The Quarterly of the Texas State Historical Association, Volume 2, July 1898 - April, 1899 Page: 38
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38 Texas Historical Association Quarterly.
attempted in vain a conciliation with the opposite party, and with-
out this requisite the demand shall not be admitted."
"Art. 101. Neither of the parties shall be permitted to present
more than two writings; and the term of three days shall be al-
lowed for the replica, counted from that of the contestation; and
the same time shall be allowed for the duplica, counted from that
of the replica; and the judge shall deliver these documents to the
parties to whom they may respectively appertain immediately on
The superior court contemplated in this act was never organized
in any ,of the three districts, and no session of such court was ever
'hed; hence, this first attempt to -establish a Texas judicial system
was of little, if any, practical effect. The state of the ,country was
too unsettled to permit of orderly proceedings in any department.
The causes which culminated in the 'Texas revolution were actively
at work, and the attention of all parties was filled with other
things than private litigation. Theoretically, this law remained in
force until the meeting of the .Consultation at San Felipe de Aus-
tin, .on October 15, 1835, and the establishment by it of the pro-
visional government, consisting of a governor, lieutenant governor,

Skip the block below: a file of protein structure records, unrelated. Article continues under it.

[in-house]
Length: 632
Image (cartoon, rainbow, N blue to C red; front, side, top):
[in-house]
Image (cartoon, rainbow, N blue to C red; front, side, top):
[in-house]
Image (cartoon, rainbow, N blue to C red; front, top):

and council, who were authorized to administer 'the affairs of
This consultation did not declare nor contemplate national in-
dependence for Texas; it strove to accomplish the restoration of
the national constitution ,of 1824. The plan of provisional govern-
ment agreed upton conferred almost absolute power upon its offi-
cers, acting as a council. Among other things, this council was to
exercise the power of courts of admiralty and maritime jurisdiction.
It was especially required to organize a provisional judiciary.
The three articles relating to the latter, are as follows:
"Art. 5. There shall be constituted a provisional judiciary in
each jurisdiction represented, or which may hereafter be repre-
sonted in this House, to consist of two judges, a first ,and second,
the latter to act only in the absence or inability of the first, and
to be nominated by 'the Council and commissioned by the Gov-
"Art. 6. Every judge, 'so nominated and commissioned, shall
have jurisdiction over all crimes 'and misdemeanors recognized
and known to the Common law of England; he shall have power
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Texas State Historical Association. The Quarterly of the Texas State Historical Association, Volume 2, July 1898 - April, 1899, periodical, 1898/1899; Austin, Texas. (texashistory.unt.edu/ark:/67531/metapth101011/m1/42/: accessed September 23, 2017), University of North Texas Libraries, The Portal to Texas History, texashistory.unt.edu; crediting Texas State Historical Association.